There are a number of studies and many organisations that have dedicated their time to decoding the reasoning behind criminal action. The most commonly referred to factors are; poverty, exclusion, neglect, inequality of opportunity, mental illness, broken homes and peer pressure. The criminal Arab is a stereotype in France, in the media and in day to day humour, but does it reflect reality? Purportedly every stereotype comes from some form of truth and the facts show that France’s prisons hold an overwhelming Muslim majority. As racial demographics are illegal to publicize in France, we are forced to make the intelligent assumption that what affects the Muslim community is likely to affect the Arab community. Common images of Arab faces behind bars on television, the news and in film become ‘reality’ in parts of popular culture. In 2011, Press TV reported that 70% of the prison population of France is Muslim (1) – France is currently fifth in Europe for its incarcerated populace and Muslims represent a meagre 5-10% of the nation’s total religious make-up.
Arabs are not all criminals, but the percentage of Muslims in prison alludes to their criminal nature, does it not? The immediate response to such an accusation is that there undoubtedly exists a form of institutional racism within the system, but whether or not institutional racism alone could justifiably fill up 70% of prisons; I am not qualified to judge. The UK is currently struggling with the disproportionate use of stop and search tactics against black men. In 2009, 27% of the prison population was represented by an ethnic minority (2) and the UK figures from 2013 are as follows: This demonstrates that France is not alone in its need to cure the skewed racial population of prisons. The history of North African immigrants in France has been bleak, filled with poverty, slums and camps. Many have still been unable to escape the ghettos established in the early 1900s and the lack of opportunity which allows the youth to leave, has naturally trumped the most vulnerable. Many are second or third generation children of immigrants and the high levels social exclusion rife in these communities is worsened by the inability to find work, driving too many to petty theft and crime. A state that is hung up on tradition, that encourages assimilation rather than multiculturalism as a condition to acceptance in society, breaks the connexion between communities and therefore committing a crime against one another is orchestrated with less guilt. To use an African proverb “If the young are not initiated into the village, they will burn it down just to feel its warmth.” Arabs do not have crime in their genes, but they do fill the prisons and in addition to the social and economic factors, political discourse continues to heighten the sense of segregation between the estranged, and the rest of France.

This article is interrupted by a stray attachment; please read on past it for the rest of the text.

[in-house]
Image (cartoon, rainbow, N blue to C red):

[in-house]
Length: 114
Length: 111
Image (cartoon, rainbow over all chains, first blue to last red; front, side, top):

The 2011 ban on the face covering may be seen as an attempt to hide the physical presence of Arabs in the country and is sure to have deepened disaffection and angered the youth. I wished to take this discussion further than the usual calls of institutional racism, in the hope of dispelling immediate assumptions about those who have been imprisoned on small charges. I hope in turn, that it is unnecessary for me to clarify that Arabs are not all thieves, bombers or ignorant and that such assumptions are racist. Any government funded studies on this topic are unlikely as the political will does not exist, despite the strain this is causing on public services. The welfare of prisoners are a sign of a developed society and like others in this respect, France has a grandiose task ahead of it.